“Besides this, I am not very much polished, even in social etiquette. A person should be satisfied with one wife, but you see that I have married many times, and I have more than sixteen thousand wives. I cannot please all of them as a polished husband. My behavior with them is not very nice, and I know that you are very conscious of it. I sometimes create a situation with My wives which is not very happy. Because I was trained in a village in My childhood, I am not well acquainted with the etiquette of urban life. I do not know the way to please a wife with nice words and behavior. And from practical experience it is found that any woman who follows My way or becomes attracted by Me is ultimately left to cry for the rest of her life. In Vṛndāvana, many gopīs were attracted to Me, and now I have left them, and they are living but are simply crying for Me in separation. I have heard from Akrūra and Uddhava that since I left Vṛndāvana all My cowherd boyfriends, the gopīs and Rādhārāṇī, and My foster father, Nanda Mahārāja, are simply crying constantly for Me. I have left Vṛndāvana for good and am now engaged with the queens in Dvārakā, but I am not well behaved with any of you. So you can very easily understand that I have no steadiness of character; I am not a very reliable husband. The net result of being attracted to Me is to acquire a life of bereavement only.
“My dear beautiful princess, you may also know that I am always penniless. Just after My birth, I was carried penniless to the house of Nanda Mahārāja, and I was raised just like a cowherd boy. Although My foster father possessed many hundreds of thousands of cows, I was not the proprietor of even one of them. I was simply entrusted with taking care of them and tending them, but I was not the proprietor. Here also I am not the proprietor of anything, but am always penniless. There is no cause to lament for such a penniless condition; I possessed nothing in the past, so why should I lament that I do not possess anything at present? You may note also that My devotees are not very opulent; they also are very poor in worldly goods. Persons who are very rich, possessing worldly wealth, are not interested in devotion to Me, or Kṛṣṇa consciousness. On the contrary, when a person becomes penniless, whether by force or by circumstances, he may become interested in Me if he gets the proper opportunity. Persons who are proud of their riches, even if they are offered association with My devotees, do not take advantage of consciousness of Me. In other words, the poorer class of men may have some interest in Me, but rich men have no interest. I think, therefore, that your selection of Me was not very intelligent. You appear very intelligent, trained by your father and brother, but ultimately you have made a great mistake in selecting your life’s companion.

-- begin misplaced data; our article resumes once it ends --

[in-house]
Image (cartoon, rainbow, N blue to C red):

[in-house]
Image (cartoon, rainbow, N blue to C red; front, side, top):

“But there is no harm; the mistake can still be rectified, and it is better late than never. You are at liberty to select a suitable husband who is actually an equal to you in opulence, family tradition, wealth, beauty, education—in all respects. Whatever mistakes you may have made may be forgotten. Now you may chalk out your own lucrative path of life. Usually a person does not establish a marital relationship with a person who is either higher or lower than his position. My dear daughter of the King of Vidarbha, I think you did not consider very sagaciously before your marriage. Thus you made a wrong selection by choosing Me as your husband. You mistakenly heard about My having very exalted character, although factually I was nothing more than a beggar. Without seeing Me and My actual position, simply by hearing about Me, you selected Me as your husband. That was not very rightly done. Therefore, since it is better late than never, I advise you that you may now select one of the great kṣatriya princes and accept him as your life’s companion, and you may reject Me.”
Kṛṣṇa was proposing that Rukmiṇī divorce Him at a time when Rukmiṇī already had many grown-up children. Therefore Kṛṣṇa’s whole proposition appeared to be something unexpected because according to the Vedic culture there was no such thing as separation of husband and wife by divorce. Nor was it possible for Rukmiṇī to choose a new husband at her advanced age, when she had many married sons. To Rukmiṇī every one of Kṛṣṇa’s proposals appeared crazy, and she was surprised that Kṛṣṇa could say such things. Simple as she was, her anxiety was increasing more and more at the thought of separation from Kṛṣṇa.